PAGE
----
Skip to comments.Enemy Territory
Posted on 01/09/2006 12:10:18 PM PST by Tolerance Sucks Rocks
On October 7, 1985, Americans were treated to one of the first more "intimate" instances of nascent terrorist activity when four members of a Palestinian Liberation Organization faction hijacked the Italian cruise ship Achille Lauro, ostensibly to forcibly bring about the release of Palestinian prisoners held in Israel. During the incident, the terrorists shot an elderly, wheelchair-bound Jewish passenger from the United States named Leon Klinghoffer to death and dumped his body overboard. It was one of the most hideous acts American news viewers had seen up to that point, though still occurring far from our shores.
There followed a great deal of behind-the-scenes back-stabbing on the part of Egyptian President Hosni Mubarak, who allowed the hijacking mastermind, Mohammed Abbas and the other terrorists to fly to their headquarters in Tunisia. President Ronald Reagan sent U.S. warplanes to intercept the flight and forced it to land at an Italian air base. The United States fought and lost with the Italian government over extradition of the perpetrators. This was, in my opinion, a treacherous move on the part of one of our alleged allies, and evidence of the transformation taking place within the European foreign policy arena regarding the U.S. An Italian court ultimately convicted 11 of 15 associated with the hijacking.
Later, when Klinghoffer's widow met President Reagan, she told him about the opportunity she'd had to meet the terrorists after their convictions were handed down:
"I spit right in their faces," she told Reagan.
"God bless you," replied the President enthusiastically.
That's the spirit, I thought. This was a time during which I being met with skepticism and even laughter upon cautioning people that worse was to come. But a rehash of this very early salvo in the War on Terror isn't my aim here.
The U.S. State Department currently lists 26 countries with official Travel Warnings regarding specific hazards to Americans who travel there. Among them are of course nations like Afghanistan, Iran, Iraq, Somalia, Indonesia Pakistan and the Philippines. Inexplicably, the State Department also includes a handful of countries that are still considered popular tourist stops for Americans.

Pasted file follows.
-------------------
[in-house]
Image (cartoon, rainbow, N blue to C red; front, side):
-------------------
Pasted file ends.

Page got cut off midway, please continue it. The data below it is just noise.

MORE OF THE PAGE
One of the top stories of 2005 was the case of 18-year-old Natalee Holloway, an Alabaman who disappeared on the island of Aruba during a high school senior class trip. The mystery surrounding her disappearance, is at this time, still unsolved. There have been countless accusations, intimations concerning the investigation, from lackadaisical chaperones to inept or incestuous local investigators to the consideration of inadequately preparing our young people to be on their guard when they go abroad. Indeed, several similar incidents have occurred in the recent past, though not as widely publicized, of American girls and women being assaulted and even murdered in idyllic vacation spots.
But might there be deeper and more sinister significance to these phenomena than certain Americans unluckily crossing paths with the innately nefarious or criminal elements? It has become painfully evident that people worldwide have been actively propagandized by the international and the U.S. media. Could it be that the institutional denigration of our country has "trickled down" to effect the individual relations between Americans and those they meet abroad?
Leaving aside the fact that the Aruban government (administered by the Netherlands) has failed in their duty to solve a crime that was committed on their island, is it possible that Deepak and Satish Kalpoe and Joran Van der Sloot, though obviously predatory, privileged brats, looked to Ms. Holloway with derision expressly because she was a U.S. citizen and took her for a "stupid American slut" that they could ravage then feed to the fishes, and that she somehow "deserved it" by association?
Some may take this line of reasoning to be a bit of a leap -- but I don't believe it is. It is clear that the international and American media has had an effect on how we are perceived as individuals. I have observed historically that it is fairly typical for Americans who travel to carry a queer sense of invincibility with them; if a trend toward increasing attacks on U.S. citizens in tourist hotspots exists, don't count on the media to alert us to it.
Much of the upshot -- if any - will come down to economic factors and political relations, of course, as we've seen in Aruba and even Mexico, but I maintain that the time has come for all Americans who travel anywhere outside the U.S. to cultivate extreme wariness. It may be that even in places where our government would cavalierly assure us of our safety -- we are indeed fair game.
Note -- The opinions expressed in this column are those of the author and do not necessarily reflect the opinions, views, and/or philosophy of GOPUSA.
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